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UB student housing goes upscale

The lobby of The Varsity, a $22 million student apartment building in mid-town set to officially welcome its first tenants on Wednesday, has edgy art, sleek modern furniture and an array of small lights stretching from floor to ceiling that defy the usual grunge of most college digs.

The Varsity’s first-floor study lounge is outfitted with Apple computers, PCs and a 42-inch flat-screen television set.

But then again, this is not your grandmother’s student housing.

The 11-story, 323-bed building will charge monthly rents between $750 and $1,000 per bed for its studio and multiple bedroom apartments.

The building has a concierge, and its units come furnished with leather sofas, gourmet kitchens with granite countertops and stainless appliances, large private bathrooms, hardwood floors, a washer and dryer and stunning vistas of Baltimore.

On the first floor near the stylish lobby is a study lounge outfitted with Apple computers, PCs and a 42-inch flat-screen television set. Next to that is a large fitness room — open 24/7 — with rows of exercise machines. A large bicycle storage room allows students to park their ride near the front door that opens onto West Biddle Street.

“We are trying to create a W Hotel style and effect,” said Donnie Gross, managing member of Potomac Holdings, the Bethesda-based owner of the building located at Biddle Street and Maryland Avenue.

“When you step inside, we are trying to create a hip, lively, funky-type experience.”

The project is nearly 85 percent leased, Gross said. It is the latest addition near the urban campus of the University of Baltimore as it stretches outward into the Mount Vernon cultural district amid an ambitious plan to increase its holdings as well as undergraduate and graduate enrollments over the next five years.

UB, part of the University System of Maryland, had an overall enrollment of 6,442 students last fall, including its law school, business school and part-timers.

“By adding this, we think it will be a very good freshman class,” Jeff LaNoue, a project planner in UB’s Office of Facilities Management and Capital Planning, said of the new student housing option that is privately owned and operated.

LaNoue said the university conducted market studies on student housing and found that students wanted to live in an urban setting with luxury amenities. The Varsity, he said, offers all of that and the cost is not much more than leasing a private apartment at sites around the city, which many UB students have done for years.

“If you compare it to where our students have lived in the past, it’s a little less,” he said of the rents at the Varsity. “Plus, there is zero commute cost.”

Anticipation about the opening of The Varsity has been high, said Paul Warren, vice president of the Mount Vernon-Belvedere Community Association.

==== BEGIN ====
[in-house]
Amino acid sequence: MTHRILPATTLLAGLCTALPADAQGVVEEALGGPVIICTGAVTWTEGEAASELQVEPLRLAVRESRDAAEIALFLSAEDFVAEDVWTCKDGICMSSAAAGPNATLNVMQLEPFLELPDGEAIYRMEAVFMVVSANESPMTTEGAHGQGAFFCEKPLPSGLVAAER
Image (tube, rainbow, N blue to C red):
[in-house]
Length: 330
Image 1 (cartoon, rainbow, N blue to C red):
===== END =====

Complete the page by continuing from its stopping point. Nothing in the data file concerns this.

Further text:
Potomac Holdings developed another Varsity student housing complex at the University of Maryland, College Park, which it sold last December to Texas-based American Campus Communities. The company is also working on a student housing project in Michigan, Gross said.

Warren said his group has worked closely with the developer over the past 14 months on the design and construction phases of the Baltimore project.

“We’re pleased with the building and its use and the additional density will be wonderful,” Warren said. “We are interested in more density in Mount Vernon, and this is continuing us on that path. The more the merrier.”

Recent census figures show the Mount Vernon community has grown by 12 percent over the past decade, to just over 8,000 residents today.

The addition of the Varsity — and the opening of UB’s new law school building early next year — has attracted a flurry of new businesses to open in the area, including a Chipotle fast food restaurant, a frozen yogurt store, a convenience store and even a pet store. A chic version of Dunkin’ Donuts — designed like a coffee house and not the typical DD shop — will open in the Varsity’s ground floor this fall.

“You can feel it and it is good,” Warren said of the development.

Charlie Duff, a planner and president of Jubilee Baltimore, a nonprofit city planning group, said the new student housing building is an asset to the Midtown community.

“The last thing you want is a vacant lot,” Duff said of the property, which was formerly the site of Albert Gunther & Co., a once iconic local hardware store purchased by the UB Foundation for $430,000 in 1998. The foundation sold the property to Potomac Holdings in 2011 for $600,000, state assessment records show.

“It’s laid out like a dorm,” Duff said. “And it’s a perfectly serviceable piece of architecture. It looks like it’s always been there. The Varsity will notch up the neighborhood a bit without changing it.”